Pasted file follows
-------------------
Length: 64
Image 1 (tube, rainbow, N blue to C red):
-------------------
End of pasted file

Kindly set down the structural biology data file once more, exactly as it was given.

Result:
Length: 64
Image 1 (tube, rainbow, N blue to C red):